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Creating a VS Code theme

Ever wanted to create a theme for VS Code? It's simpler than you'd think but the process is a bit laborious and requires you to painstakingly go through all the attributes you need to change.

If you want your theme to work, and look nice, on multiple programming languages, you'll need to add a lot of color definitions.

I've just released my first theme called Lupine and this post goes how I created it and what I learned on the way.

Generating theme files

Theme files are generated using the Visual Studio Code Extension generator which is a tool by Microsoft for creating VS Code extensions and themes.

You can install it by running

npm install -g yo generator-code

To generate a theme template run

yo code

This will start an interactive prompt that will guide you through the process of initializing a theme template.

Theme generator

After answering the questions, a directory with the name of your theme will be created. Now you can open the directory in VS Code and start editing your theme.

cd my-theme
code .

The generated theme project has everything set up for you to start. In the theme folder you'll find a JSON file with the name of your theme. This JSON contains the default color definitions which you can start to modify.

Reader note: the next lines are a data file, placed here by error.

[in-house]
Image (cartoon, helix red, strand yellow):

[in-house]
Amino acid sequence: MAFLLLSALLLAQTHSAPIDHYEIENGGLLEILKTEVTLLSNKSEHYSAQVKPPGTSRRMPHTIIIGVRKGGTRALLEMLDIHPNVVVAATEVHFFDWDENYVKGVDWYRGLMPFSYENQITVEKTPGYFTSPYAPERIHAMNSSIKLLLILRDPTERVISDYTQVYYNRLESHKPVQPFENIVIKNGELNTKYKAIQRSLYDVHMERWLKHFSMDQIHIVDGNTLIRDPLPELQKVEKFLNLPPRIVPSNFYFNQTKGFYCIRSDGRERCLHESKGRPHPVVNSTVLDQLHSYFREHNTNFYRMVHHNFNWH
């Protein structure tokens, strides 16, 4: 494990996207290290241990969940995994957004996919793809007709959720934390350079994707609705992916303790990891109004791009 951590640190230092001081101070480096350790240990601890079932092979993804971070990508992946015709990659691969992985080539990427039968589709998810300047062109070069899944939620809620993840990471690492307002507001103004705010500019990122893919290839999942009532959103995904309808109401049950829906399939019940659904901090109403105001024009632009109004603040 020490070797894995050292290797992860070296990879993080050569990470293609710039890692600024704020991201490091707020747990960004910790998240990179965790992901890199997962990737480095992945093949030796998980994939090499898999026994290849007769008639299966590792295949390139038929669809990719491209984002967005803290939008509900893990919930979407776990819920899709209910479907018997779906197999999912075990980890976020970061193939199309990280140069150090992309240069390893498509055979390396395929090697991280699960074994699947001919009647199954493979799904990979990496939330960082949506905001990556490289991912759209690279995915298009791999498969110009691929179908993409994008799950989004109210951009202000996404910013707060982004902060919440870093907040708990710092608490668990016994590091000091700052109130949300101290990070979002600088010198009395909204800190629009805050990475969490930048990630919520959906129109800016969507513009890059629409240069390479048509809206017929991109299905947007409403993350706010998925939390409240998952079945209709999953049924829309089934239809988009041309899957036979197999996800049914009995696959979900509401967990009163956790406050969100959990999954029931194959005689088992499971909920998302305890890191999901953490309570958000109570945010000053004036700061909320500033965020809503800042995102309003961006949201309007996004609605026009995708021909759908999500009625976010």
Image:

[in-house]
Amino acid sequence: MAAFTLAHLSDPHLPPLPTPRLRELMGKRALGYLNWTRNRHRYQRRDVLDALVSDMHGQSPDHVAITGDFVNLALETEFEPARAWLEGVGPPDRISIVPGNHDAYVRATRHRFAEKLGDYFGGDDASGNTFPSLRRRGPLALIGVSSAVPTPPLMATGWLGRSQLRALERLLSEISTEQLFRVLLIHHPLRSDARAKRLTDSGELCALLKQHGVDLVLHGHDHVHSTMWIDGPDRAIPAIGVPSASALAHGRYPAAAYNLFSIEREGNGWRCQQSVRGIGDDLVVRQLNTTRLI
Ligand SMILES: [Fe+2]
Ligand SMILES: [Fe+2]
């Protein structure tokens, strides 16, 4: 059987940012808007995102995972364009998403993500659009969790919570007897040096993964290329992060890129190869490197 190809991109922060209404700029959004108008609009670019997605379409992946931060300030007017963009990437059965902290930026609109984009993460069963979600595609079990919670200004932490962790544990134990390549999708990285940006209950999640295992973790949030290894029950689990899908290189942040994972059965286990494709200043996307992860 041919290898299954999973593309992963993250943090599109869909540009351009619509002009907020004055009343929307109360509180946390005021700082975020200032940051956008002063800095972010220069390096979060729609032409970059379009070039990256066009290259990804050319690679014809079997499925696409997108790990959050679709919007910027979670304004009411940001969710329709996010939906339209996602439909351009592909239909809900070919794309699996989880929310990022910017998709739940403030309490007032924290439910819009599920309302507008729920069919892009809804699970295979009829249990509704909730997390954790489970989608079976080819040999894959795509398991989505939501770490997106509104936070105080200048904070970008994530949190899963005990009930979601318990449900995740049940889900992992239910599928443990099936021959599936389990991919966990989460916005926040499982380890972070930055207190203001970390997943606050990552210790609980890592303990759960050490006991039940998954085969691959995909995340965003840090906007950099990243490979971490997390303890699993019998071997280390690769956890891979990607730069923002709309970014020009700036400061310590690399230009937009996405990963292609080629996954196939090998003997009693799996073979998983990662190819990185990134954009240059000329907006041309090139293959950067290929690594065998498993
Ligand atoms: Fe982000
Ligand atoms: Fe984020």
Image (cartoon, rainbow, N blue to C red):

Developing your theme

The easiest way to test your theme is to go into debug mode (press F5). A new VS Code window is opened, and this window will use your new theme.

When you edit the colors in your theme themes/my-theme.json, you will see the results immediately in the debug window. Occasionally I had some trouble with the debug window not updating but that's easily dealt with by clicking restart in the Debug Toolbar

You can also use Chrome Dev Tools inside VS Code 🤯 to find out the current colors of the UI components. Opening Dev Tools is done by pressing Cmd+Option+I (Ctrl+Alt+I on Windows). In the DevTools you can find out the current color of a UI element, and then search with the color from your theme file and replace it.

This is a laborious process but I didn't find a better way to go about it. 😞

Theming the UI

Lupine theme

Here are some of the UI colors I defined in my own theme.


The editor is where you edit your code 🤣

"editor.background": "#1B1929",
"editor.lineHighlightBackground": "#8076C222",
"editorCursor.foreground": "#988de4",

For the editor I defined background, lineHightlightBackground and editorCursor.foreground values. These define the editor background color, highlight color for the line where the cursor is, and the color of the cursor.


Activity Bar

The activity bar is found on the left side of the window and has big icon buttons for changing between different VS Code views.

"activityBar.background": "#13111d",
"activityBar.inactiveForeground": "#323b50",
"activityBar.foreground": "#5c6e92",
"activityBarBadge.background": "#8076C2",

For the activity bar I defined background, inactiveForeground, foreground and activityBarBadge.background values. The foreground keys define the color of the icons. activityBarBadge is for defining the colors of the small badges on the icons.

Activity bar

Side Bar

The side bar is the one with files list, debug tools, etc. depending on the selected view.

"sideBar.background": "#1B1929",
"sideBarTitle.foreground": "#bbbbbb",
"sideBarSectionHeader.background": "#242c3f",